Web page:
We dated for almost all of the first two years of college. Over that time, I gained nearly 150 pounds; I had ballooned to almost 300 pounds. My friends changed. I met a girl, who had been watching me grow with fascination, who came to be one of my closest friends, with whom I would eat and gain. She too, it turned out, harbored secret fantasies of becoming fat; she had never acted on them, not seriously enough to actually gain weight. She had watched me grow with jealously, and she noted, once, that I was holding hands with a very skinny and very athletic young man as we crossed campus. It didn’t take long before she confessed to me that she envied me for the fat that hung from my body. She wanted to be fat, she said. I told her what the boy had told me: don’t let someone else convince you to be someone else.

Other friends, who weren’t fat and didn’t know that I wanted to be as fat as I was, rarely brought up my weight, assuming that I was struggling to lose it. They were good friends, and I remain close with many of them; some of them I have told about my desires and my lusts, and they have accepted me. They perhaps remain skeptical, and I’m sure they don’t fully understand. But then, neither do I.

The boy I had dated for the first few years of college, who had helped me to become who I had always dreamed of being, in whom I had confessed so many of my darkest secrets, left me in the summer before my junior year. He has never told me exactly what happened; at the time, he said in so many vague words, that he felt like our relationship had stalled somewhere, and that, while he loved spending time with me, he didn’t see our relationship continuing. In retrospect, I can see he was right: we were perfect for each other for a while, but not for ever. I don’t wish we had stayed together. I do suspect, though, that part of his decision wasn’t really his decision. I think that his faith in my fat faltered when I neared 300 pounds. His next girlfriend, whom he started dating about a year after we broke up, was a petite girl, smaller even than he was; I saw them once running through campus together, and read on Facebook that they completed a half-marathon together. I think that the boy who had taught me so much, who had convinced me that the fat me was the real me, who had fed me doughnuts during sex and brought me pizza in the middle of the night, who had helped me eat and eat and eat and who had worshipped the fat as it spilled out over my clothes, who nearly drooled at the sight of my belly hanging out over my thighs, became, in the end, embarrassed of his own desires. I think he regrets our break-up more than I do.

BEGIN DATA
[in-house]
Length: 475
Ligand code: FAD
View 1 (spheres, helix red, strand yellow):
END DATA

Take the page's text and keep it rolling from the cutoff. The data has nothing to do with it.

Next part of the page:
At the time, though, I was devastated. I lost weight, because I stopped stuffing myself and because I was, in general, not hungry. The idea of being fat became again repulsive; my body was a reminder of the relationship I had just lost. My belly was a remnant I couldn’t get rid of; though I took the pictures off my wall and gave him back the trinkets he had left in my dorm, I couldn’t give him back the cellulite that now jiggled with every step, the belly that had to be tucked into my size 24 jeans, the double chin that no amount of make-up could hide. I was trapped in my body, and my body was a memento of that which I had lost.

While my friends helped me with late-night chats over wine, I found real solace in two places: one was the internet community of BBWs and the other was the friend I had met who wanted to become fat. She was the only one I could tell about how I really felt, about how my fat body was a reminder of the boyfriend who was no longer there to feed me. This friend, this fellow fat girl (she had gained some weight and was approaching 200 pounds), filled for me the gap that the boy had left. She told me how gorgeous I was. She reminded me how amazing my body was, and how much I, myself, loved my own body. She reminded me that the big fat belly that was hanging out over my too-tight jeans was the belly I had been dreaming of since I was a young girl.

She reminded me how much I loved being fat.

I have since dated other guys, nearly all of them skinny and athletic. I love watching my fat, squishy body push up against their hard, toned muscles. Some of the guys I have dated have wanted me to get fatter and have begged me to let them feed me while we have sex; others are too embarrassed about their desires to admit that they want to feed me; others still have no desire for me to gain weight, but love my body as it is. One wanted me to lose weight; he said that right around 250 pounds was the perfect size for every girl. I haven’t seen him since, nearing 300 pounds, I told him that it was more likely that I would someday weigh 400 than that I would ever again weigh 250.

Right now I tend to fluctuate between 260-280. I go through spurts where I eat and eat and eat all I want for days on end (having graduated from college and moved into my own apartment has allowed me increased freedom to stuff myself when the desire strikes). Other times, though, I stop stuffing myself, and eat relatively normally (though I haven’t dieted, or really limited what I ate, since high-school). My family doesn’t know about my desire to remain fat and get fatter; they sometimes suggest this or that diet. Once my mother forwarded me some information about participating in a study for obese women between the ages of 18 -27. I told her I was insulted and hurt. She didn’t bring up my weight for several months.

This blog is about my current journey: it contains my fantasies, my desires, my day-to-day thoughts and opinions, and, of course, my food log. I would not say that I’m currently gaining, only because I have no systematic way of getting fatter. That said, I eat whatever I want, and I love my fat, and I want to see my fat grow and expand.

You can continue to read about my fat here.